Growing up in a tiny rural village where most people probably thought dubstep was a type of equestrian footwear, my access to underground music nights was severely limited. After months of blasting Scuba, Skream et al out of my car on the way to and from school c/o a compilation CD of my Dad’s, A Levels were over, and my best mates and I wasted no time in booking tickets to Outlook Festival 2010, when the festival was in its second year and felt fresh and intimate (alas no longer). Considering the genre had its peak in the mid-noughties, I guess we were late to the party, but being in an abandoned Croatian moat with the bass of The Bug’s ‘Skeng’ vibrating through my ribcage still gives me shivers today, and was the shape of things to come as I went on to live in London and become a regular at Plastic People’s legendary FWD parties.
This is both an embarrassing and life changing memory. I was about 17, at the beginnings of my forays into electronic music from an obsessive indie nerd teenagehood. Nero, if anyone remembers, were a popular brostep duo at the genre’s peak. My best friend and I went along with our respective boyfriends at the time to see Nero at the University of Hertfordshire’s music venue, the Hatfield Forum. It was (obviously) absolutely rammed full of pumped up bros moshing everywhere. To avoid being crushed by this testosterone fuelled madness we were pressed against the barrier at the front for the entire gig. Nero’s set-up was a giant stack of television screens and speakers, with them playing behind it, added to the venue’s sound system. I remember thinking it was the loudest thing I had ever heard. After this gig our ears wouldn’t stop ringing very loudly for a whole month, making even hearing what teachers said in lessons difficult. After that it quietened down to a constant background noise, but it’s never gone away since for either of us, and it’s been steadily getting worse. As an underground electronic music fanatic having tinnitus for life because of Nero is a deeply cruel irony, and hard learned lesson to always always wear earplugs !!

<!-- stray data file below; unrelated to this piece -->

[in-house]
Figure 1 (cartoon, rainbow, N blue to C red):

Having heard from multiple sources that Dirty Talk was the best party in the world, Lauren (re:ni) & I decided to head up to Bristol to attempt to verify this. I don’t know if I can give it no 1 slot but it’s definitely in the top 5 - it was pretty incredible. Owing to Dirty Talk’s popularity, you need a degree of inside knowledge even to get a ticket, as once online they sell out within hours. The party essentially takes place in a cave: the upstairs is a brightly lit, beers-on-tap bar area, while the downstairs is basically a dungeon, complete with stone walls and an extreme downwards slant to the dancefloor. The largely disco and house set perfectly complemented the dark environment- can imagine that bleak techno in that space would have been slightly too predictable- and the crowd went for it with the usual Bristol enthusiasm. This is so cheesy I can’t believe I’m writing it but it was one of those nights where you feel like putty in the hands of the DJ. As with many great parties details are quite blurry but one definitive high point was either Jan Schulte or Gib’r dropping Michael Palmer’s She Sexy circa 4am.
Listen to the latest SIREN show on NTS below: